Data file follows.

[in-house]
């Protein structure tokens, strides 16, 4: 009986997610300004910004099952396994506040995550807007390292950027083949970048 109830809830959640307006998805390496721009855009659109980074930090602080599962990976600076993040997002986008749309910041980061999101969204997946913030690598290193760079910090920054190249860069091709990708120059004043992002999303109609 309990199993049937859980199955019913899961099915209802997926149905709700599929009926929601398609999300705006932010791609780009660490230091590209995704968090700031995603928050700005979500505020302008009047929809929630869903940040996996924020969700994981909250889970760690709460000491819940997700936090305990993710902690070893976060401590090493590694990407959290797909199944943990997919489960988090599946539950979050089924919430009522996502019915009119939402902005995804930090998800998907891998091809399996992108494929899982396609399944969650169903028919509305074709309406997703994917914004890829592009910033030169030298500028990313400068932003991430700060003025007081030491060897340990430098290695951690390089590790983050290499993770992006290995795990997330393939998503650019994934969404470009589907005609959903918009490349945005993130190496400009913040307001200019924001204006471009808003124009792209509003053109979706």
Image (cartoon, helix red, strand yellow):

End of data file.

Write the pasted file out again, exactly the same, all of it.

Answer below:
[in-house]
């Protein structure tokens, strides 16, 4: 009986997610300004910004099952396994506040995550807007390292950027083949970048 109830809830959640307006998805390496721009855009659109980074930090602080599962990976600076993040997002986008749309910041980061999101969204997946913030690598290193760079910090920054190249860069091709990708120059004043992002999303109609 309990199993049937859980199955019913899961099915209802997926149905709700599929009926929601398609999300705006932010791609780009660490230091590209995704968090700031995603928050700005979500505020302008009047929809929630869903940040996996924020969700994981909250889970760690709460000491819940997700936090305990993710902690070893976060401590090493590694990407959290797909199944943990997919489960988090599946539950979050089924919430009522996502019915009119939402902005995804930090998800998907891998091809399996992108494929899982396609399944969650169903028919509305074709309406997703994917914004890829592009910033030169030298500028990313400068932003991430700060003025007081030491060897340990430098290695951690390089590790983050290499993770992006290995795990997330393939998503650019994934969404470009589907005609959903918009490349945005993130190496400009913040307001200019924001204006471009808003124009792209509003053109979706």
Image (cartoon, helix red, strand yellow):